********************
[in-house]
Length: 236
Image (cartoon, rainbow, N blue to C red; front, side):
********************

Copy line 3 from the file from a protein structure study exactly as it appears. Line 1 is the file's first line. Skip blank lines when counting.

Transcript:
Image (cartoon, rainbow, N blue to C red; front, side):